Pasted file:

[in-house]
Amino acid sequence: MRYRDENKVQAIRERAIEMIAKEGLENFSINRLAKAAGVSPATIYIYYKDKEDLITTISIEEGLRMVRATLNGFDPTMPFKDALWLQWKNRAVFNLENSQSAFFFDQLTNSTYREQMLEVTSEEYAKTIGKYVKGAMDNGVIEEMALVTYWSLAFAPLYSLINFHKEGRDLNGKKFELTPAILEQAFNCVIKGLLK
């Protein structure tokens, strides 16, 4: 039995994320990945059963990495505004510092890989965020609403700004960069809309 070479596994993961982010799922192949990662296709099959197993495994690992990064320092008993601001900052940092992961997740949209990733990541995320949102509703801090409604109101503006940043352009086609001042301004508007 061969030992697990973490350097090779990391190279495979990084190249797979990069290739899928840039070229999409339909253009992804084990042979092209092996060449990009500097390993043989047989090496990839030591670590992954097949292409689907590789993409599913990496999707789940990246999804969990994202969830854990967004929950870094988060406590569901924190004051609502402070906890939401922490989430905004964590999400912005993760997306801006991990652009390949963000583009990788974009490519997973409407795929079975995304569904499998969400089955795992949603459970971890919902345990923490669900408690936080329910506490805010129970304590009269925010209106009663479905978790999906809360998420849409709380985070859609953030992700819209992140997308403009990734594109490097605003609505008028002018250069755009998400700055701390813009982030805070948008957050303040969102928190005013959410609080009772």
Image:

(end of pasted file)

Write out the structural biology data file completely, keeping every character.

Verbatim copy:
[in-house]
Amino acid sequence: MRYRDENKVQAIRERAIEMIAKEGLENFSINRLAKAAGVSPATIYIYYKDKEDLITTISIEEGLRMVRATLNGFDPTMPFKDALWLQWKNRAVFNLENSQSAFFFDQLTNSTYREQMLEVTSEEYAKTIGKYVKGAMDNGVIEEMALVTYWSLAFAPLYSLINFHKEGRDLNGKKFELTPAILEQAFNCVIKGLLK
């Protein structure tokens, strides 16, 4: 039995994320990945059963990495505004510092890989965020609403700004960069809309 070479596994993961982010799922192949990662296709099959197993495994690992990064320092008993601001900052940092992961997740949209990733990541995320949102509703801090409604109101503006940043352009086609001042301004508007 061969030992697990973490350097090779990391190279495979990084190249797979990069290739899928840039070229999409339909253009992804084990042979092209092996060449990009500097390993043989047989090496990839030591670590992954097949292409689907590789993409599913990496999707789940990246999804969990994202969830854990967004929950870094988060406590569901924190004051609502402070906890939401922490989430905004964590999400912005993760997306801006991990652009390949963000583009990788974009490519997973409407795929079975995304569904499998969400089955795992949603459970971890919902345990923490669900408690936080329910506490805010129970304590009269925010209106009663479905978790999906809360998420849409709380985070859609953030992700819209992140997308403009990734594109490097605003609505008028002018250069755009998400700055701390813009982030805070948008957050303040969102928190005013959410609080009772």
Image: